When to (and Not to) Use a Hotel Recruiter
By Zoe Connolly Co-Founder & Managing Director, Hospitality Spotlight | February 10, 2019
Finding talent for a property, hotel chain or travel tech company is expensive. From screener interviews, to the time team members need to spend interviewing candidates, to the lost costs of a role going unfilled, dollars and time add up as companies look to bring in new talent, a process that usually takes nearly a month an a half.
Many of these cost centers can be mitigated through a partnership with a recruiter. These individuals can largely eliminate the screening process for hotels and tech companies, shake loose passive candidates who might be better qualified for a role than someone who's on the market, and even help with little things like creating job descriptions that will accurately represent the role.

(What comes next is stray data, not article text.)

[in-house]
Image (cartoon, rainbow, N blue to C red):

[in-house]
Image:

That's not to say every company should always be engaged with a recruiter for every hire. Below are a series of green and red flags companies should consider (green for 'hire a recruiter' and red for 'holding off') before enlisting the help of a hiring professional.
Green Flag: There is flexibility in the role
Oftentimes, when a role opens up, the responsibilities have changed from the job's original description. Perhaps this is because technology has evolved, or maybe it's because a standout employee took on more than was expected. It can also be because a company wants to add someone who fits the description, but thinks there is an opportunity to add elements to the role.
Regardless of the reason, finding the right fit for what is essentially a moving target can be incredibly difficult for in-house hiring managers, and this is where recruiters can shine. Generally speaking, recruiters have amassed a wide range of current and passive candidates that offer an extensive range of possible fits.